Buys and Sells for the Week 3/26

Markets are trading sideways and not giving up much to main street investors. Still managed to find a couple worthy buys to keep me going, here are my buys for the week:

  1. Oil-Dri Corp. of America (ODC) – increased position –  Prices retreated on this micro-cap. Not a bargain basement sale but good enough for this market. Grabbed 6 shares @ $34.17 and a 3.04% yield.
  2. Telus Corporation (TU) – increased position –  Telus (TU) is looking to accelerate 5G investing and a recent stock offering to fund it. Not crazy about the share dilution but welcome the investment into 5G. Grabbed 9 shares @ $20.07 and a 4.88% yield.

Buys and Sells for the Week 3/19

It is always a good week when you get a dividend increase and Williams-Sonoma (WSM) came through for me with an 11% raise to put a smile on my face. Hunting for value in this market is still tough and I will continue to buy in small amounts, here are my buys for the week:

  1. AbbVie Inc. (ABBV) – increased position –  AbbVie stock price significantly dropped Wednesday after the FDA requested additional information to assess the benefit of their new drug Rinvoq. Grabbed 2 shares @ $103.40 and a 5.03% yield.
  2. Algonquin Power & Utilities (AQN) – increased position –  My fidelity brokerage account does not allow a DRIP into AQN and have to remember to pick up some additional shares on occasion to compensate. Grabbed 12 shares @ $15.46 and a 4.01% yield.

Buys and Sells for the Week 3/12

32,778…and the Dow keeps growing, more importantly the S&P 500 index closed at 3,943 and if this breaks into the 4000 range it may start even more momentum. As far as buys or sells for the week I chose to be a bystander and did nothing.

Lockheed Martin (LMT) had a decent price earlier in the week but I failed to take action. Merck (MRK) and Pepsico (PEP) remain priced to buy but I have full positions in those. It has been quite some time since I had a week where I missed buying anything. With luck next week may bring something.

Collecting AT&T Dividends in Retirement

It seems there are never a short supply of articles and blog posts on whether or not AT&T (T) deserves a position in your portfolio and it is either a love it or hate it topic. From my perspective, whether you do or do not own T depends on each person’s portfolio, investment strategy or financial position in life as no two people are in the exact same situation.

However, I do know of one person that utilizes the ownership of T for generating income in his retirement in a way that is slightly unique from what I have seen amongst other investors. The person I am referring to is my father-in-law.

If you ask any investor what the dividend yield is today and most would say around 7.3%. Ask my father-in-law and he would say 6%. It does no good trying to correct him (I tried) because he has a different spin on it and once you hear his story 6% will make sense.

When banks started paying miserly interest on CDs and money markets my father-in-law needed a better yielding investment to better fund his retirement and so began his hunt for better yield. One of the investments he chose was to invest a portion of his retirement savings into T with their oversized yield. Instead of going through a brokerage he opened a T DRIP account that is administered through Computershare. His reasoning for this was very simple, he knew that T had little dividend growth and had potential for not increasing at all. To compensate he had one simple need; to find a way to automatically collect 80 to 85% of the dividend and reinvest the remaining 15-20%. Essentially he resolved himself to live off a 6% yield and that is where the DRIP program steps in.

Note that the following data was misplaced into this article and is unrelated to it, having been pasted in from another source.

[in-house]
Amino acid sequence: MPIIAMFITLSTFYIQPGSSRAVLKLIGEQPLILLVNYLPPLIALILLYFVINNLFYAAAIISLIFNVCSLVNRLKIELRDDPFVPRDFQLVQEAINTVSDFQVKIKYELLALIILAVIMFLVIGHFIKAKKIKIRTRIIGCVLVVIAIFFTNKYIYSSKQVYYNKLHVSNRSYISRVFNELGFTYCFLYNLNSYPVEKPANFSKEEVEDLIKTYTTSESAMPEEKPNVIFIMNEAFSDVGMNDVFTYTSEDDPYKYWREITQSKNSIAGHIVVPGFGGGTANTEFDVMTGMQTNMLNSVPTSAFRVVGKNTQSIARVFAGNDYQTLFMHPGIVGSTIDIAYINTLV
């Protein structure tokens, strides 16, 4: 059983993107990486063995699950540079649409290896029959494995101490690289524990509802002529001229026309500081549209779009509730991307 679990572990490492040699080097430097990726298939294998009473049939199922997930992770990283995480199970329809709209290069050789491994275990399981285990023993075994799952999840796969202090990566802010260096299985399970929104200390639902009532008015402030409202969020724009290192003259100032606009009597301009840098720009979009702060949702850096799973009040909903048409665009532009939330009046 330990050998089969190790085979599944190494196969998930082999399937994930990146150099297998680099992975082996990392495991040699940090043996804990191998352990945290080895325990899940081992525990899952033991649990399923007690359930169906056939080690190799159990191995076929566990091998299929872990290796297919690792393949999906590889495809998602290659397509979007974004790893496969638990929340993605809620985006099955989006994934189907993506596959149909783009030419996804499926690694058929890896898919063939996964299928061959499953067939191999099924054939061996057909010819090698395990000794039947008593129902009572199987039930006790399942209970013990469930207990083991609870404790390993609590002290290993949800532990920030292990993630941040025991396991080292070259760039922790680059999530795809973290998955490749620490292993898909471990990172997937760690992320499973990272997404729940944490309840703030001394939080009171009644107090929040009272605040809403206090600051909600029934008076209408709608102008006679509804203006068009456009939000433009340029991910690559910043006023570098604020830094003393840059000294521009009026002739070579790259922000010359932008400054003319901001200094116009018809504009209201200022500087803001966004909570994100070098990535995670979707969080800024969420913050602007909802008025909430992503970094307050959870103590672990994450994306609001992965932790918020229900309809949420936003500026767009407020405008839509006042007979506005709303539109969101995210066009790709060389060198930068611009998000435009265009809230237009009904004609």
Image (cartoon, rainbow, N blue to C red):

Computershare allowed him to do exactly what he was looking for that no brokerage was able to do. When setting up his account the investment form ask how you would like your dividends reinvested; partial or full. It was simple math at this point he just calculated how many whole shares were 85% of his investment that would pay out cash dividends. From there he would adjust the number annually guaranteeing a bigger paycheck every year.

The only reason I am aware of this technique was due to my father-in-law’s age and the fact everything moved to being online that he had recently asked I take over adjusting his annual percentage mix which I have proudly been doing on his behalf since 2019. To this day, he refuses direct deposit , loves to receive the check and has my wife drive him to the bank to cash it. The man truly loves his dividend checks.

One could argue you could follow a similar strategy simply using a 4 or 5% rule for your portfolio but this is about how he is generating growing income with one stock and not an entire portfolio. I actually think this approach is brilliant for high yield/low growth dividend payers. If my brokerage ever allowed a % payout I just might embrace it during my retirement.

Buys and Sells for the Week 3/5

31,496…If anyone said one year ago the Dow would blow through 31K I would have laughed at them. Recovering back to 29K or even touching 30K I thought was a slim possibility but I honestly did not expect a full recovery until the summer of this year. I don’t know if the markets are overheated but it just makes the hunt for weekly buys that much more of an adventure. Here are my buys for the week:

  1. Duke Energy (DUK) – increased position –  Friday morning was a slight reprieve on stock price. Grabbed 2 shares @ $86.40 and a 4.47% yield.
  2. Algonquin Power & Utilities (AQN) – increased position –  I have not seen the share price below $15 since October 2020. Grabbed 13 shares @ $14.96 and a 4.14% yield.